For Jalisa Karim, interdisciplinary work comes naturally. The 2022 K.D. Fryer Gold Medal winner graduates this fall with a BMath in Biostatistics and BA in Sexuality, Marriage, and Family Studies (co-operative program). She has also earned a Co-operative Education in Research Certificate, and is on the Dean's Honours List.
While some might question her choice to pursue degrees from two very different sides of campus, for her the pairing makes sense. “I think interdisciplinary research – or cross-disciplinary research – is so important,” she says. “Fields don’t exist in a vacuum…Understanding the context around the research questions you’re trying to answer is essential.”
Karim transferred to Waterloo from Western after her first year of university, attracted by the Faculty of Math’s stellar reputation and the newly created degree in Biostatistics. She had known since high school that she was interested in health sciences: initially, she wanted to be a doctor, but then she decided to look for other ways that she could combine her interest in science and health with her love of math. After taking an engaging family studies course at Western, adding a major in Sexuality, Marriage, and Family Studies here at Waterloo seemed like a natural fit.
Karim’s overarching passion as a researcher is women’s reproductive health. Her drive to improve women’s health is what drives her academic work – and that commitment shapes her extracurriculars as well. In high school, Karim was involved in a wide variety of extracurriculars – band, choir, dance, math challengers – and initially in university she participated in a similar set of activities. As she advanced in her academic career, however, Karim felt a growing urge to give back to her community, both as a leader and an educator.
She volunteered as a notetaker for AccessAbility Services, a natural outgrowth of her high school volunteer work with the Cerebral Palsy Association of British Columbia. She also served as the VP Communications and the President of the Sexuality, Marriage, and Family Studies Student Society, and as a member of the WUSA Education Advisory Council.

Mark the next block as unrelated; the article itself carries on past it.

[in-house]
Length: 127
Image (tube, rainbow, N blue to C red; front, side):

Karim’s most personally fulfilling work, however, was related to health: she volunteered regularly at the UW Women’s Centre, and worked across campus as a Peer Health Educator with UW Campus Wellness. Karim helped plan bingo nights and Jeopardy! sessions, answered questions and provided resources, and helped staff pop-up booths across campus with free information and sexual health supplies for any student that might stop by.
The work was often both frustrating and incredibly rewarding. “I talk to so many students who had no or barely any sexual health education in high school,” Karim explains. “I would talk to students who have no knowledge of things that I would think should be common knowledge. If you are someone with a uterus, and you’re sexually active, you should know about the different kinds of birth control!”
Karim thinks the active role that she played in helping reach out to her peers with sexual health information is vital, especially in an international university like Waterloo where students come from so many different backgrounds and cultures. “Realistically, people will learn things more if you come to them with the information. A lot of people can’t look up information because they don’t even know it’s there to look up.”
In between studying and volunteering, Karim completed several co-op terms as a research assistant at the University of British Columbia. It was there that she confirmed her love for academic research, and decided to continue her education in graduate school. This September, she began a PhD in Women+ and Children’s Health Sciences, where her research focuses on endometriosis and infertility.
Despite her commitment to research and service, however, Karim emphasizes the importance of making time for fun and community in everyday life. Some of her most valuable experiences at Waterloo, she says, were the times just spent relaxing and goofing off with friends, whether informally or through her involvement with the Waterloo Ismaili Students Association. She emphasizes that none of her accomplishments would be possible without her extensive support system: especially her parents and sister, but also her very large extended family and network of friends both at home and in school.
“Often, when you’re a student, it’s easy to just concentrate on school,” she reflects. “It’s easy to forget that you’re a human being that has a whole life.”
The K.D. Fryer Gold Medal is presented annually, at Fall Convocation, to a graduating Mathematics student who best exemplifies academic excellence and good citizenship. Involvement in extracurricular affairs such as athletics, cultural activities, and student government are important criteria in making the award decision. The medal is in honour of Kenneth D. Fryer, a professor of Mathematics since 1959. As Associate Dean of Undergraduate Studies for a number of years, he served the Faculty until his death in 1984.